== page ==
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Gujarat migrant crisis: Ahmedabad-based Sharmas of Agra live in fear after assault disrupts two peaceful decades

Editor's Note: The rape of a 14-month-old girl by a migrant labourer from Bihar in Idar town of Sabarkantha district on 28 September gave way to the persecution of migrant labourers in seven of the 33 districts of Gujarat. This incident ignited anger against migrant workers whom the locals believe are the real reason for unemployment in the state. This multi-part series will examine issues concerning migrant workers and the animosity they face from locals.

Ahmedabad: In the last 22 years that the Sharma family lived in Ahmedabad, they had never realised how far they had settled from their native in Agra, Uttar Pradesh, but an attack on the head of the family has left them in a state of fear and insecurity in Gujarat.

Manojkumar Sharma. Image courtesy Haresh Jhala

Manojkumar Sharma. Image courtesy Haresh Jhala

Vijay Sharma, 36, lives in Narol with his wife, their child and his brother. While Sharma works as a small-scale labour contractor, his wife and brother are among the thousands of outsourced workers who stitch and cut fabric for some of Ahmedabad’s smaller textile manufacturers, contributing to the state domestic product in a micro but significant way. After having spent over two decades in Ahmedabad peacefully, their only plea to the state government today is to provide them with security, so that they can continue contributing to Gujarat’s growth.

The call to throw migrants out of Gujarat in the aftermath of rape of a 14-month-old girl by a Bihari migrant in Sabarkantha district reached Sharma’s house on  Monday, after repeated threats they received over the weekend, as alleged by the family. His wife and brother managed to flee when about half a dozen people tried to barge into their house threatening them to pack up and leave, Sharma alleges. On Monday evening, when Sharma went to the Narol police station to submit an application alleging that Gujarati residents in his neighbourhood were threatening them to leave the state, he was attacked by a mob of 50 to 100 people, only a kilometre from his residence.

Sharma’s decision to go to the police seems to have aggravated the locals further who attacked him right after coming out of the police station. A PCR van on routine patrolling rushed him to the Municipal Corporation-run L G Hospital, says Sharma. His brother, Manojkumar, alleges that the members of the mob were from the nearby Pandit Dindayalnagar residential colony. He adds, “Since Sunday, they had started threatening us and were asking us to leave to our native state. In this connection, I had submitted an application with the Narol police station, but no action was taken.” It was only after his brother was brutally beaten that the police registered a complaint against hooligans, Manojkumar says.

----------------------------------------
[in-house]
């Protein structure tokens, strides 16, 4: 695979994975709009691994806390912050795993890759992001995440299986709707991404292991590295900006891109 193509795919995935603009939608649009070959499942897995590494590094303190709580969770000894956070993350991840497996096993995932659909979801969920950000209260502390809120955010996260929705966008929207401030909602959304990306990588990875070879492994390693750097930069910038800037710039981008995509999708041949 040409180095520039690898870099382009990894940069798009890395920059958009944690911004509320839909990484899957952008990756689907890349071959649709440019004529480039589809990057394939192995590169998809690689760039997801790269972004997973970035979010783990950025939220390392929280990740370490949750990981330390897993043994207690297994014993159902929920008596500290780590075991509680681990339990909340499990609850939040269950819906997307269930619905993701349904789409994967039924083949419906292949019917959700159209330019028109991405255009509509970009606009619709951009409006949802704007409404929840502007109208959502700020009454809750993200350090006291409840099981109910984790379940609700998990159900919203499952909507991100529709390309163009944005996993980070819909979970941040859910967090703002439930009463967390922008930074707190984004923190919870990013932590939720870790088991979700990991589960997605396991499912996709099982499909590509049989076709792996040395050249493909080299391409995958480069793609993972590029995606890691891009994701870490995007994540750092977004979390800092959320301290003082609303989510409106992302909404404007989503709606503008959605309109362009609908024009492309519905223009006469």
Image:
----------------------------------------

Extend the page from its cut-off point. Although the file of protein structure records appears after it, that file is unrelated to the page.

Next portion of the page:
He says he knows the accused by face and had named them in the application submitted to the police after the attack. The police registered a case only after Vijay Sharma was hospitalised and Uttar Bharatiya Vikas Parishad, a national welfare organisation for north Indians, intervened, says Manojkumar.

Sharma says his family is in shock at the sudden turn of events in the state where they have been peacefully living for the last 22 years. They were never treated as outsiders in Ahmedabad, even after moving to their present house in Radheshyamnagar a year and a half ago.

“My wife and children are so frightened that they are not ready to live in our house post this assault. One male member has to stay back to protect the family from the hostile neighbourhood,” he says.

The Sharmas, who have their livelihoods established in Ahmedabad, wish to stay back, provided the state government assures their safety and that of their non-Gujarati neighbours, who are all living in fear since the incident took place.

Ramesh Charan, the de facto leader of the Pandit Dindayalnagar colony, which is just adjacent to where Sharma lives, vehemently dismisses the allegations that members of his colony attacked Sharma because he is from Uttar Pradesh. Charan, a local grocer, says, “I can confidently say this because there are migrant families in our colony living in harmony with the locals. There is no question of any influence of the recently charged atmosphere in the state against migrant labourers.”

Charan’s claim is confirmed by Ramprasad Kahar, a native of Ayodhya in Uttar Pradesh who lives with his family in Dindayalnagar as a beneficiary under government rehabilitation scheme. “There are at least 37 other families in this scheme whose native state is Uttar Pradesh and two families are from Bihar. None of us was threatened over the last few days nor did any local resident argue with us over being non-Gujarati,” Kahar says.

He adds that Sharma may have been assaulted over personal enmity which may not have any connection with the recent developments in other parts of the city and the state. It is possible that the victim family may be unnecessarily connecting the incident with recent developments to seek attention, Kahar alleges.

Narol sub-inspector JB Rathod refused to comment or share any information on the investigation in the complaint lodged by the victim.


Updated Date: Oct 12, 2018 17:22 PM

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